BUBBLE by BBR Saatchi & Saatchi Israel for Bekol

Adsarchive » DM » Bekol » BUBBLE

BUBBLE

Pin to Collection
Add a note
Industry Charities, Foundations, Volunteers
Media Direct marketing
Market Israel
Agency BBR Saatchi & Saatchi Israel
Creative Director Nadav Pressman, Ban Sever
Art Director Eran Nir
Copywriter Tomer Gidron
Producer Uri Dagan
Released November 2009

Credits & Description

Category: Direct Response Broadcast: TV, Radio & Infomercials
Advertiser: BEKOL
Product/Service: CHARITY FOR THE HARD OF HEARING
Agency: BAUMANN BER RIVNAY SAATCHI & SAATCHI
Date of First Appearance: Nov 12 2009 12:00AM
Entrant Company: BAUMANN BER RIVNAY SAATCHI & SAATCHI, Ramat Gan, ISRAEL
Vice President / Creative Director: Yoram Levi (Baumann Ber Rivnay Saatchi& Saatchi)
Creative Director: Nadav Pressman / Ban Sever (Baumann Ber Rivnay Saatchi& Saatchi)
Copywriter: Tomer Gidron (Baumann Ber Rivnay Saatchi& Saatchi)
Art Director: Eran Nir (Baumann Ber Rivnay Saatchi& Saatchi)
Producer: Uri Dagan (Baumann Ber Rivnay Saatchi& Saatchi)
Vice President /Producer Agency: Dorit Gvili (Baumann Ber Rivnay Saatchi& Saatchi)
Account Supervizer: Maya Salomon (Baumann Ber Rivnay Saatchi& Saatchi)
Account Executive: Inbal Rov (Baumann Ber Rivnay Saatchi& Saatchi)
Media placement: Direct - Television - 12/11/2009

Describe the brief/objective of the direct campaign.
Deafness is the most prevalent disability in the western world, with around 10% of the population suffering from the condition to some degree. In Israel, this translates to nearly 700,000 people, many of whom will only become deaf in later life. This loss of hearing can be traumatic and embarrassing for the sufferer, as they struggle to continue with their daily lives with increasing difficulty. As many as one in three people over 65 in Israel are deaf, and are thought to be living in the deafness 'bubble', cut off from friends, family and the rest of the outside world.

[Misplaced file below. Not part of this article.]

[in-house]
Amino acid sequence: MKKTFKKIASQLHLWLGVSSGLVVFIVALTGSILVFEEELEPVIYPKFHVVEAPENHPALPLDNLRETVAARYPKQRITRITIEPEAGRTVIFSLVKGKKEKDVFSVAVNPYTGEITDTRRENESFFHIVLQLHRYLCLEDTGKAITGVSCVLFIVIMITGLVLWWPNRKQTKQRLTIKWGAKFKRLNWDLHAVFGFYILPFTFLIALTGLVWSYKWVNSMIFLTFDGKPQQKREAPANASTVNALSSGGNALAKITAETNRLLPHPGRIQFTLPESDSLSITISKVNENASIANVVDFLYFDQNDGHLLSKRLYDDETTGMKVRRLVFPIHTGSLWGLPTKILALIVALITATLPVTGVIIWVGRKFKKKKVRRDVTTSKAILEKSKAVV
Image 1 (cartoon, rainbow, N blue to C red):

Explain why the creative execution was relevant to the product or service.
It is standard practice on Israeli television for many of the high rated programmes to carry a sign language interpreter in a small bubble at the bottom corner of the screen. Bekol persuaded some of these programmes, mainly news, current affairs and magazine shows, to make a direct link between the interpreter bubble, and the bubble in which the deaf can become trapped. In an attention grabbing move, the roles were switched, and main presenters were moved to the bubble, while the sign interpreter was “liberated” and appeared full screen.

Describe the creative solution to the brief/objective with reference to the projected response rates and desired outcome.
Bekol, a charity set up to look after the deaf and hard of hearing, wanted to reach out to those who were trapped in the bubble and let them know that help, support and advice was available to them. As a non-profit organisation, staffed largely by volunteers and maintained by donations and government grants, Bekol had to find a way to communicate its message with a non-existent budget.

Describe the results in as much detail as possible with particular reference to the RESPONSE of the target audience including deliverability statistics, response rates, click throughs, sales cost per response, relationships built and overall return on investment.
This flipped perspective generated an enormous amount of publicity for Bekol, and the plight of those with hearing loss. The action is estimated to have reached an audience of 400,000 deaf people. Bekol experienced rise in calls to its service. As an example of where a marketing campaign meets a PR stunt, this case study highlights the potential of a single, simple, carefully chosen action to communicate a message and reach a niche audience.